In 1873 at the age of thirty-nine, Viktor Alexandrovich Hartmann, Russian architect and painter, died from an aneurysm. He was at the forefront of the Russian Revival, friend of and inspiration to many contemporaries in the field of architecture, art and music. Shortly after his death, Vladimir Vasilievich Stasov, helped to arrange an exhibition of Hartmann’s work.
Mussorgsky poured out his feeling about his friend’s death in a letter to Stassov. who shared the Russian nationalist tendencies of Hartmann and Mussorgsky and had brought the two men together in the first place.
Mussorgsky’s piano suite was not published until after his death, is dedicated to Stassov. Stassov, with whom Mussorgsky had discussed the suite as he composed it, explained in the first edition of the Pictures at an Exhibition: “The composer here portrays himself walking now right, now left, now as an idle person, now urged to go near a picture; at times his joyous appearance is dampened, he thinks in sadness of his dead friend. …”
Sir Georg Solti – Chicago Symphony Orchestra 1980
Contralto Marian Anderson was born in Philadelphia, Pennsylvania. A variety of sources suggested February 17, 1902, as her birthdate; however, Anderson’s birth certificate, released by her family after her death, listed the date as February 27, 1897. Her father was an ice and coal salesman, and her mother was a former teacher.
Although Anderson had early showed an interest in the violin, she eventually focused on singing. The Black community, recognizing her talent, gave her financial and moral support. She also gained the notice of tenor Roland Hayes, who provided guidance in her developing career.
Terry Adkins (1953-2014)
African-American artist known for his fusion of sculpture, performance, and music
Marilyn Nance (Born 1953)
African-American new media artist, photographer and storyteller
Nancy Wilson’s musical style is so diverse that it is hard to classify. Over the years her repertoire has included pop style ballads, jazz and blues, show tunes and well known standards. Critics have described her as “a jazz singer,” “a blues singer,” “a pop singer,” and “a cabaret singer.” Still others have referred to her as “a storyteller,” “a professor emeritus of body language,” “a consummate actress,” and “the complete entertainer.” Then who is this song stylist (that’s the descriptive title she prefers) whose voice embodies the nuances of gospel, blues, and jazz? Her colleague and long time friend Joe Williams used to call her “the thrush from Columbus.”
Jascha Heifetz and Fritz Kreisler were both born on Feb. 2 — Kreisler in 1875 and Heifetz in 1901. But the two men share more than just a birthday. Music commentator Miles Hoffman joins Renee Montagne to discuss the two famous fiddlers and how they each set new standards for the art of playing the violin.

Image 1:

February 1, 1964 was the day that a Beatles song hit Number One for the first time in the USA. The song was “I Want To Hold Your Hand”. The Beatles flew into JFK on February 7 and made their first appearance on Ed Sullivan two days later. And we all had a gear time!
Francis Albert Sinatra [was born] in Hoboken, New Jersey. Although his mother had hoped that he would be the first person in the family to attend college and was disappointed that he did not finish high school, she encouraged his ambition to be a singer. His father, on the other hand, was opposed and insisted that he should find a job. The young Sinatra worked briefly as a truck driver for a newspaper, a riveter in a Hoboken shipyard, and a fruit hauler. By 1932, he had decided that he wanted to be a professional singer.
His break came in 1937, when he and three instrumentalists, billed as the Hoboken Four, won on the Major Bowes Original Amateur Hour. After some touring, the group disbanded. Harry James signed Sinatra to sing with his orchestra, and on July 13, 1939, two weeks after his debut as a big-band vocalist at the Hippodrome Theatre in Baltimore, Sinatra cut his first disc, “From the Bottom of My Heart,” with the orchestra.
James graciously freed Sinatra from his contract when the singer received a more lucrative offer from bandleader Tommy Dorsey in December 1939. By 1942 Sinatra’s fame had eclipsed that of Dorsey, and the singer yearned for a solo career.
Between 1943 and 1946, Sinatra’s solo career blossomed as the singer charted a slew of hit singles. Sinatra made his movie acting debut in 1943. In 1945, he won a special Academy Award for The House I Live In, a 10-minute short made to promote racial and religious tolerance on the home front. Sinatra’s popularity began to slide in the postwar years (but) in 1953, he made a triumphant comeback, winning a supporting actor Oscar for From Here to Eternity.
In the mid-’70s Sinatra’s career slowed down, but in mid-1980, after a five-year recording hiatus, he released Trilogy which included a version of “Theme From New York, New York” that the city fervently adopted. In 1985, he was accorded the Presidential Medal of Freedom, the nation’s highest civilian award. Frank Sinatra died of a heart attack on May 14, 1998, in L.A.